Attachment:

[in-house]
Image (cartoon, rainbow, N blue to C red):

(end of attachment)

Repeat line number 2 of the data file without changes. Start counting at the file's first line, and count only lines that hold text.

Image (cartoon, rainbow, N blue to C red):